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Mud Woman Rolls On

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Emilene Ostlind | Jan 24, 2011 05:00 AM

Coming January 30, the Denver Art Museum will open the doors to its freshly renovated American Indian galleries, featuring the well-known Santa Clara Pueblo sculptor Roxanne Swentzell among other fine artists.  "People think there are no artists on our floor," curator of native arts Nancy Blomberg says, referring to the stereotype of American Indian artists as primarily craftsmen.  She describes the new renovation as both a physical and The Things I Have to Do to Maintain Myself sculpture by Roxanne Swentzell, courtesy of Denver Art Museumintellectual transformation of the galleries, to show visitors that "every artwork in our collection was created by an individual artist, with his or her own opinions, influences and inspirations."

Through August, visitors entering the galleries will encounter Swentzell working on a 10-foot-tall sculpture of a Pueblo mother with four children called Mud Woman Rolls On. The sculpture will be made of mud mixed with sand, chopped straw and other fibers.  Swentzell's sister and brother-in-law, experts in strawbale and natural building construction, will assist with the technical aspects of creating a large adobe structure.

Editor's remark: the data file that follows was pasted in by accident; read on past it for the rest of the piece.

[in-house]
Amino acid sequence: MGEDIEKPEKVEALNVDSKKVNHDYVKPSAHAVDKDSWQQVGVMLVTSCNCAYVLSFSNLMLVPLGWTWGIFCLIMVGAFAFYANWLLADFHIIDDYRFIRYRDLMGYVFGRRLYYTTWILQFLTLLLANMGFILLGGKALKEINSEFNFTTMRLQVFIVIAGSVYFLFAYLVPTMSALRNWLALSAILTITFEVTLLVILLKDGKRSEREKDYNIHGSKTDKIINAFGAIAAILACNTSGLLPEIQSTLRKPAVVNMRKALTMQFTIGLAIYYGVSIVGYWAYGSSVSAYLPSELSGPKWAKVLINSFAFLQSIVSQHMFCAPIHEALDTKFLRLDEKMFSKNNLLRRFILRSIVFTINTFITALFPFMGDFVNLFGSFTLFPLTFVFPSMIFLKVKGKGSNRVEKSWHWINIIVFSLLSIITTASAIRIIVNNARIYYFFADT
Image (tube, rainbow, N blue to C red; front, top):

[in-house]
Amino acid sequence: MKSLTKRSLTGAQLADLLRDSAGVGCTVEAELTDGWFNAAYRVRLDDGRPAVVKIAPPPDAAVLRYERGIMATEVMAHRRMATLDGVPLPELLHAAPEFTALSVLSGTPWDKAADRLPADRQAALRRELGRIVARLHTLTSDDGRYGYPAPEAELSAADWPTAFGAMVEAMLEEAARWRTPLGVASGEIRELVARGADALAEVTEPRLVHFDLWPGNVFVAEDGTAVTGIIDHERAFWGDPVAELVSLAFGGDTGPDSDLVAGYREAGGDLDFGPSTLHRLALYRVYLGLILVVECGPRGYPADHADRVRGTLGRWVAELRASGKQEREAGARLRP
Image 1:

Swentzell grew up in Taos in a family of artists. Her mother and aunts were potters and her uncle a sculptor. As a little girl, Swentzell sculpted characters from her mother's clay: her dog Flower, a child with her mother, a little girl crying at her school desk. She went on to attend high school at the Institute of American Indian Arts in Santa Fe and later studied at the Portland Museum Art School. Today, she works from studios in Santa Clara Pueblo and Santa Fe and has been called one of the most highly regarded ceramic artists of our time.

"Rox's work emotes," painter Mateo Romero has written of his friend. Her "figures of clowns, old men and women and children twist, turn, undulate, laugh, cry, repair themselves, interact with each other and love each other."

Swentzell looks forward to working on Mud Woman, a figurative Pueblo storyteller who engages an audience of children, in a public space.  "People can see the process. Once people see the finished piece they understand how it happened. It helps them connect to the artwork."

That engagement is what the projects -- both Swentzell's and Blomberg's -- are all about. Mud Woman is the Two Girls #2 (Bonnie and Clyde Series), painting by Mateo Romero, courtesy of Denver Art Museumearth, Swentzell says, describing a character who can reach beyond the American Indian galleries to tell a story for anyone who cares to listen. "The special thing about this sculpture is it is going to be made of unfired mud. She will have her babies who are all of us. We are of the earth."

The Denver Art Museum will hold a special preview of the newly renovated American Indian galleries for members only on Saturday, January 29. Doors will open to the public on Sunday, January 30.

Emilene Ostlind holds an HCN editorial fellowship.

The Things I Have to do to Maintain Myself, sculpture by Roxanne Swentzell, courtesy of Denver Art Museum.

Two Girls #2 (Bonnie and Clyde Series), painting by Mateo Romero, courtesy of Denver Art Museum.

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